Perhaps, I thought, Sam Clovis, Trump’s national co-chair and chief policy adviser, could explain. Clovis, an economics professor at Morningside College in Sioux City, Iowa, was the Trump campaign’s emissary to a summit on fiscal responsibility Wednesday sponsored by the Peter G. Peterson Foundation.
To say the session was unedifying fails to convey its incoherence. It was alarming. “I understand less about Trump’s budget plan after listening to Clovis than I did before,” tweeted David Wessel of the Brookings Institution.
Indeed. Interviewed by CNBC’s John Harwood, Clovis started by misstating the cost of Trump’s tax plan and proceeded downhill from there.
Harwood noted that the Tax Foundation, a group that Clovis himself described as “highly credible organization,” had estimated the price tag of the Trump tax plan at $10 trillion over 10 years — even under what is known as dynamic scoring, giving the plan credit for spurring economic growth.
Clovis: “That’s not entirely true, because the Tax Foundation model is a static model, it’s not a dynamic model.”
Harwood: “They do it both ways, but I believe that their $10 trillion figure that they came up with was in their dynamic model.”
Clovis: “Well, that’s what they told me, and I sat across the table from them just like this, John.”
Advantage, Harwood. The Tax Foundation puts the “dynamic” cost of the Trump plan at $10.1 trillion. The “static” score is $11.9 trillion. No biggie. A trillion here, a trillion there.
Clovis’s fiscal insouciance was breathtaking. “Our proposals, what we think will happen, will lead us in fact to about a $4.5 to $7 trillion surplus at the end of 10 years, if all of our initiatives are put in place,” he said.
Pause for a moment to appreciate the audacity of this claim. The Congressional Budget Office estimates that deficits will total another $9.4 trillion during this period. So Trump is purporting to pay for his $10 trillion tax cut, plus eliminate that additional deficit, plus amass a surplus amounting to several trillion more? Outlandish is too kind a word for this.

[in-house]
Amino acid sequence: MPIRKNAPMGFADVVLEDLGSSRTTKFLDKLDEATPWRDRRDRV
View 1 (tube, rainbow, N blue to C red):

How outlandish? Former Congressional Budget Office director Douglas Holtz-Eakin, president of the conservative American Action Forum, estimated it would require a mere 10 percent annual growth for the decade.
And then there was Clovis’s puzzling answer to Harwood’s questions about whether Trump — who has vowed not to cut entitlement benefits — might be willing to back away from that pledge once in office.
Actually, Clovis said, once the Trump-generated economic growth has taken off, “we’ll take hard look at those to start seeing what we can do in a bipartisan way.”
Still, Clovis said, “Right now, we’re not going to touch anything because we can’t predict the growth. If we don’t have that growth, then I think that whoever [is] the next president is going to have a horrible time in dealing with this, because those entitlements will race to the front of all the economic issues we have in this country.”
If Trump is open to entitlement reform, that’s good news, from my point of view. But who can tell what Trump position is real and what is illusory, what can be relied on only for the fleeting moment and what constitutes a matter of deep conviction?